• Look at the list of modal auxiliary verbs follows:
  • Can
  • Could
  • May
  • Might
  • Must
  • Need
  • Ought to
  • Shall
  • Should
  • Will
  • Would


 Functions of Auxiliary Verbs

Auxiliary verbs, also known as helping verbs, add functional or grammatical meaning to the clauses in which they appear. They perform their functions in several different ways:

  • They express tense. For example past, present and future.
  • Make sentences grammatically correct.
  • They quantify verbs.
  • Sentences are emphasized through them.

Auxiliary verbs almost always appear together with a main verb, and though there are only a few of them, they are among the most frequently occurring verbs in the English language.

Auxiliary Verb Exercises

Fill in the blank with the correct auxiliary verb from the choices presented:

  1. What ________________ the kids doing when you last saw them? (was, were, are, did, been)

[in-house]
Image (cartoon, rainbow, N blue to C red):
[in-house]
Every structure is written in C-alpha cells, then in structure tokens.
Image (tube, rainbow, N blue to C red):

2. Carla ________________ always wanted to try skydiving. (was, doesn’t, has, is, have)
  3. Where __________________ you go on your summer vacation? (were, been, are, did, does)
  4. Why do you think she __________ call you like she said she would? (didn’t, is, hasn’t, has been, have)
  5. Mary _____________ going to be upset when she hears what happened. (will, don’t, is, didn’t, has)
  6. Jeremy _____________ want to go to the movies; he wants to stay home instead. (doesn’t, isn’t, wasn’t, hasn’t, was not)
  7. I _________________ appreciate his jokes. They weren’t funny. (did, have, been, didn’t, haven’t)